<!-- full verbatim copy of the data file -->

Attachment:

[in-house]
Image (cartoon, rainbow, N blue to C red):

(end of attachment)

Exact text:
[in-house]
Image (cartoon, rainbow, N blue to C red):